A/H1N1 flu vaccine causes no serious side effects: CDC

13:56, November 26, 2009      

Email | Print | Subscribe | Comments | Forum 

A high-ranking U.S. health official said on Wednesday there's no evidence the A/H1N1 flu vaccine is causing any serious side effects.

"Everything that we've reviewed is extremely reassuring," Dr. Anne Schuchat, director of the National Center for Immunization and Respiratory Diseases at the U.S. Centers for Disease Control and Prevention (CDC) told a press conference.

"The number, pattern and types of adverse event reports that we are getting are pretty much what we see for seasonal flu vaccines," she added.

Since vaccinations began in early October, the U.S. government has been tracking the safety of A/H1N1 flu vaccine.

By mid-November, about 22 million Americans had gotten the vaccine and there were about 3,200 reports of possible side effects, the vast majority of which were minor conditions like soreness or swelling from the shot.

"Almost all of the reports that have come into our vaccine adverse event report system, or VAERS, about 94 percent of those reports are classified as not serious," Schuchat said.

"The vaccine data so far really suggests this is a safe vaccine," she said.

U.S. health officials have been watching for reports of a rare paralyzing condition called Guillain-Barre Syndrome.

That condition was seen in higher numbers than usual during a swine flu vaccination campaign in 1976, a development that contributed to the program's cancellation.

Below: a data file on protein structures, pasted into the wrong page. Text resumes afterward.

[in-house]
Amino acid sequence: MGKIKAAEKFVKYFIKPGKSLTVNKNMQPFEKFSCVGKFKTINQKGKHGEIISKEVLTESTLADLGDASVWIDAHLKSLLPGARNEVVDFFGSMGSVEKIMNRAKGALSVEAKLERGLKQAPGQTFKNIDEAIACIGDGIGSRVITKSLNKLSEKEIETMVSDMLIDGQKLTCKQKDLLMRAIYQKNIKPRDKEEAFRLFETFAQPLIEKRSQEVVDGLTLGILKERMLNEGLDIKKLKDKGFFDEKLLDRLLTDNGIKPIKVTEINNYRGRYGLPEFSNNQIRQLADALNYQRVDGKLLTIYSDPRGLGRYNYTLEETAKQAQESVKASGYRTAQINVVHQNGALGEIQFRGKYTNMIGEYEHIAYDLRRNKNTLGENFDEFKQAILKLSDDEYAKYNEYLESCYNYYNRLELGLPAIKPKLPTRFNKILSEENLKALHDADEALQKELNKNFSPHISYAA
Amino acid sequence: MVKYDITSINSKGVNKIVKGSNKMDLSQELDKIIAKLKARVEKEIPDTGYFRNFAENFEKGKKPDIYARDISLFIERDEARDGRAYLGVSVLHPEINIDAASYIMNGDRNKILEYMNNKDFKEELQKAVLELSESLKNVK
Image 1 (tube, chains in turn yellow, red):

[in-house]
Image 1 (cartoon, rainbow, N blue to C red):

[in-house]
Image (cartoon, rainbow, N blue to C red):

There have been only 10 Guillain-Barre reports so far in those who got the A/H1N1 flu vaccine since early October, and some of those cases still are under investigation, CDC officials said.

"We have three different systems that we're looking to understand whether Guillain-Barre Syndrome is occurring in any kind of excess amount with the H1N1 vaccine," she confirmed. "In a thorough review of these three systems so far, we don't see any problems at all."

As for the 10 cases of Guillain-Barre, she said there is no vaccine that is 100 percent safe and protective, adding that the A/H1N1 vaccine in clinical trials looked very good.

Guillain-Barre can occur on its own, and normally between 80 and 160 people are diagnosed with the condition each week in the United States, Schuchat said.

Source: Xinhua
  • Do you have anything to say?
Special Coverage
Major headlines
Editor's Pick
Most Popular
Hot Forum Dicussion